We noted previously that often, bogus stories–such as “flip flops” that aren’t flip flops–can gain credence if they fit into the preferred narrative of other campaigns and/or the media. Well, it looks like another fake storm is a’brewin’ over Governor Romney’s latest health-care proposals. The Wall Street Journal and others are claiming that Governor Romney is inconsistent because the policies he’s proposed as a presidential candidate don’t include all the elements of what he did in Massachusetts. But there is no inconsistency there; Governor Romney has said all along that while his plan was a step forward for Massachusetts, other states are different and should do different things. Translation: Not all other states are left-wing loonie bins, and they should be able to have an even better plan, but he did the best he could in Kennedy Country. For example, here is what Governor Romney himself wrote in the WSJ last year:
How much of our health-care plan applies to other states? A lot. Instead of thinking that the best way to cover the uninsured is by expanding Medicaid, they can instead reform insurance.
Will it work? I’m optimistic, but time will tell. A great deal will depend on the people who implement the program. Legislative adjustments will surely be needed along the way. One great thing about federalism is that states can innovate, demonstrate and incorporate ideas from one another. Other states will learn from our experience and improve on what we’ve done. That’s the way we’ll make health care work for everyone.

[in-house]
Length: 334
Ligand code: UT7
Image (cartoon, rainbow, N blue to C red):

Similarly, here is a snippet of an NPR interview from last year:
Q: Stepping back, what impact do you think this will have outside Massachusetts?
Around the country, people are watching because they know this is big. Some on the far left don’t like it because it’s not a single-payer universal coverage program. Some on the far right don’t like it because they don’t like government telling people that they need to get insurance. But the great majority of people, both on the left and the right, believe that this is a step forward.
Q: Can this model be used in other states?
My guess is a lot of states will choose to adopt one or another of the measures we’ve put in place here. But most will give it a little time and watch to see what our experience is. That’s the great thing about having 50 states and the principle of federalism. Let us experiment ourselves. Let us learn from one another.
Bottom line? Governor Romney never intended to “redo Massachusetts” all over the country. Every businessman worth his salt knows that there are different markets requiring different products and strategies–and this businessman-turned-politician also knows quite well that the same is true about the states, having lived in both Utah (perhaps the most conservative state) and Massachusetts (the most left-wing).
NOTE: I link above to Jennifer Rubin’s AmSpecBlog post regarding the recent WSJ editorial not because I think she is lobbing accusations at Governor Romney, but because her summary of the WSJ piece–which is subscription only–is the best I’ve seen.